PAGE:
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RE: HTML messages (was: Re: Please comment on issue summaries)

From: Yvette Hoitink <y.p.hoitink@heritas.nl>
Date: Mon, 25 Apr 2005 16:20:05 +0200
To: <w3c-wai-gl@w3.org>
Message-ID: <E1DQ4RV-00056S-Sh@maggie.w3.org>

Hi John,

I'll mark my remarks with YPH.

[Snip Yvette's preference for plain text over HTML]

John Slatin wrote:
<blockquote>
Interesting. I'd be glad for some more information about the way my messages
look when they appear in your inbox; I certainly don't mean to make them
more difficult to read! (And while we're at it, could someone please invent
a new convention for marking quoted mail messages? The convention of
prepending a greater-than sign in front of each quoted line each time it's
been quoted becomes very distracting when you listen to it-- I hear things
like "greater greater greater" followed by a few words fromsomeone's
message, followed by "greater greater greater" and then a few more words,
etc., and even though I'm pretty good at tuning out the distractors I do get
lost sometimes when trying to follow a complex line of argument.
</blockquote>

YPH: I've been using <blockquote> </blockquote> for a while now, from your
example. How does that work for you? The greater-than is the standard
though, many mailtools use that automatically. Doesn't your screen reader
have an ignore list or something so you could tell it to ignore multiple
occurrences of greater-than? In that case you would only hear one. On the
other hand, that makes it harder to know who said what... Interesting point.


You asked how your messages looked in my inbox. Your messages often have 18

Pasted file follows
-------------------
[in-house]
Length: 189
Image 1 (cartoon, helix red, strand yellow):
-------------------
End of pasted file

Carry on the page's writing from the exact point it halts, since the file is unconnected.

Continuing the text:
point letters, which is larger than my personal preference of 10 point. Even
though I told Outlook to "always use my fonts" it still shows up as 18 pt so
I blame Outlook and not you (grin). Don't worry about me though, I can
handle it. It was just meant as an illustration. 
 
<blockquote>
Of course this whole thread involves precisely the discussion we've been
having about the relationship between WCAG and ATAG.  My mail client
(Outlook) creates HTML markup, and evidently some people whose mail clients
render that HTML according to my default style sheet somewhat difficult (or
rather, the style sheet that outlook creates based on my preferences).  If
the mail clients were both ATAG *and* UAAG conformant, each of us would be
able to send well structured messages that could be rendered for each of us
according to our own user style sheets.  So it wouldn't matter if I had my
default font at 24 points (for example), because your user agent would
render the message in 12 point if that's what you wanted it to do.
</blockquote>

Yes, mailtools should make it easier for people to configure their own
preferences and make it possible to override the sender's preferences.

Outlook does allow you to use plain text for outgoing mail. Go to Tools ->
Options -> Mail format and then select 'Plain text' for 'Compose message in
this format'. Unfortunately, this does not work when replying. When
replying, Outlook always uses the formatting of the original post. But if
everyone uses plain text on this list, that's not a problem anymore :-)

<blockquote>
And, of course, the W3C mail archive strips out any HTML that *is* included
in messages, thus making long messages far more difficult to navigate
because all the header markup is stripped out.  (Cf. Becky's response to the
2.4 issue summary, etc., etc.)
</blockquote>

That would argue for my solution to use HTML attachments if you need the
additional markup. In the archive, you can then select the attachment with
the original HTML intact.

<blockquote>
BTW, I'd be very interested in knowing whether *this* message shows as plain
text or as HTML-- I *think* Outlook bases its behavior on the format of the
message it responds to...
</blockquote>

This message showed up as plain text, because the original message was in
plain text as well. 

Yvette Hoitink
Heritas, Enschede, the Netherlands
E-mail: y.p.hoitink@heritas.nl
WWW: http://www.heritas.nl 
Received on Monday, 25 April 2005 14:20:20 UTC

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